COLLIJN 1934–1938, p. 280 cites a tradition that makes Bishop Hans Brask of Linköping (in office 1513–1527) the author of the officium. It is likely that it was composed for the translation of the Blessed Bishop Nils in 1515. It has survived in printed form, since Hans Brask had it printed in his printing house in Söderköping in 1523.

Sources

A single copy of Bishop Brask’s printed edition remains at the Royal Library of Stockholm.

Aim and Intended Audience

The intended audience was without doubt the Linköping Bishopric and Vadstena Abbey, where the liturgical celebration of the Blessed Bishop was observed. Permission for translation of the relics and for cult in the three union kingdoms was granted by pope Alexander VI in 1497, and translation was carried out on February 4, 1515. In 1518, the first Sunday of May was established as Feast Day of the Blessed Bishop, with effect from 1519.

HELANDER 1989, p. 149 points to the probability that the office was used by Bishop Hans Brask to gather the southern Swedish provinces under a common constellation of saints, named in the sequentia of the mass, and thus counterbalance the efforts from Uppsala to gather the whole kingdom behind the Officium patronorum regni.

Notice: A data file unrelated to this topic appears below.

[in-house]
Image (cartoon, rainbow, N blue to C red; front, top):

Missa

Officium misse de sancto Nicolao, in Historia sancti Nicolai episcopi Lincopensis

Sequentia

Sanctitatis zelatorem pium patrem et pastorem

Secreta

Domine Jhesu Christe summe sacerdos

Complenda

Respice clementissime pater

Size

The missa covers less than two pages in the edition of Benzelius.

Edition

BHL 6103: Edition: Gustaf Edvard Klemming, Fotolitografiska aftryck af svenska palæotyper [Stockholm 1870].

Edition: Erik Benzelius, Monumenta historica vetera ecclesiae Sveogoticae, Upsaliae 1709, pp. 109–114.

Partial edition: Gustaf Edvard Klemming, ed., Latinska sånger fordom använda i svenska kyrkor, kloster och skolor: Sveriges helgon. Holmiæ 1885, pp. 149–150.

Translations after 1530

Date and Place of Origin

See above under the heading Officium.